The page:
‘Warning’ or ‘Turning’ in Isaiah 8.11

This text-critical problem has been my hobby horse for a while now. I’ve posted on the problem before, but since then I have changed my mind and completely reworked my paper as a critique of the solution offered by the Comité pour l’analyse textuelle de l’Ancien Testament hébru. I presented this last semester in the Isaiah seminar at SBTS, and I am posting it here for feedback. Though I have revised and rewritten the paper several times, it is still technically under construction. So whether you agree or disagree, your comments are welcome.
You can access the paper here. Below, I’ve included a portion of my introduction and conclusion without the footnotes:

In 1969 the United Bible Society launched the Hebrew Old Testament Text Project (HOTTP). As an aid to their translators, six scholars were commissioned to analyze roughly 5,000 of the most significant text critical problems in the Hebrew Bible. Dominique Barthélemy drafted the committee’s “final report” in his magisterial four-volume Critique textuelle de l’Ancien Testament. This paper is a critique of the committee’s report on וְיִסְּרֵנִי in Isaiah 8:11. The Masoretic Text reads as follows:

כִּי כֹה אָמַר יְהוָה אֵלַי כְּחֶזְקַת הַיָּד וְיִסְּרֵנִי מִלֶּכֶת בְּדֶרֶךְ הָעָם־הַזֶּה לֵאמֹר

The HOTTP committee proposed repointing the form as a hiphil wayyiqtol from סור (“and he turned me”). Barthélemy concludes as follows: “The reading וַיְסִירֵנִי, read here by Symmachus, appeared preferable to the committee, as holding an intermediate position between that of MT and those of 1Q-a and G…”

I propose, against Barthélemy, that MT’s וְיִסְּרֵנִי is the more original reading—a qalwəyiqtol 3ms of יסר, “to warn, instruct”… Reading ויסרני as a form of יסר allows one to better explain how the alternative readings might have arisen, and the form וְיִסְּרֵנִי, a qal wəyiqtol, can be translated in the context of Isaiah 8:11 in a way that fits with the conventions of Classical Hebrew syntax.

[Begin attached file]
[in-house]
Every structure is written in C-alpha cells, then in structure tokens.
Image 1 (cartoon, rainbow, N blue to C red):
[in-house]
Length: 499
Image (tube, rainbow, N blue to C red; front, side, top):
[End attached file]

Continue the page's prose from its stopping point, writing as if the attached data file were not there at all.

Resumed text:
MT and the “Oldest Text” of Jeremiah

Last week in our Hebrew syntax class we finished going through Jonah, and during the last few minutes of class we read through a passage in Jeremiah. At the end of class, a student raised  his hand and said,

“I heard that the oldest text of Jeremiah does not include certain messianic passages. Is this true?”

I told him I would put together some information over the weekend. The result: an introduction to the challenges associated with comparing the MT text of Jeremiah with that of the LXX and Dead Sea Scrolls. I’ve tried my best to keep this from being a “data dump.” The key points of each section are underlined. Hopefully, a bit of the complexity of the problem is presented, while keeping the discussion accessible to students with as little as two semesters of Hebrew.

Thanks to Abram K-J, Ryan Vasut, Matt Miller, and Jerod Harper for taking the time to look over and comment helpfully on an earlier draft of this handout.